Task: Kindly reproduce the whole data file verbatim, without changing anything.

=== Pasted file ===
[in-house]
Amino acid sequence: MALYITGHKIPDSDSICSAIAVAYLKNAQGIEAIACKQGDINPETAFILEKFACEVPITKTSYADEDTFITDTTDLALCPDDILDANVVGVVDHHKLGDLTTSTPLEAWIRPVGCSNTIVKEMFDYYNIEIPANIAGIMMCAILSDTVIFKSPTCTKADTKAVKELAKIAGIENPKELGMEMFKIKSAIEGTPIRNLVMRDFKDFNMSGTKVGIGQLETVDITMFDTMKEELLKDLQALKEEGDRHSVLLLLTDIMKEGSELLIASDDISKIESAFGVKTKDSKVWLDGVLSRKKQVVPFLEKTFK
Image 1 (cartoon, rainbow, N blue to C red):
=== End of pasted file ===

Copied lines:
[in-house]
Amino acid sequence: MALYITGHKIPDSDSICSAIAVAYLKNAQGIEAIACKQGDINPETAFILEKFACEVPITKTSYADEDTFITDTTDLALCPDDILDANVVGVVDHHKLGDLTTSTPLEAWIRPVGCSNTIVKEMFDYYNIEIPANIAGIMMCAILSDTVIFKSPTCTKADTKAVKELAKIAGIENPKELGMEMFKIKSAIEGTPIRNLVMRDFKDFNMSGTKVGIGQLETVDITMFDTMKEELLKDLQALKEEGDRHSVLLLLTDIMKEGSELLIASDDISKIESAFGVKTKDSKVWLDGVLSRKKQVVPFLEKTFK
Image 1 (cartoon, rainbow, N blue to C red):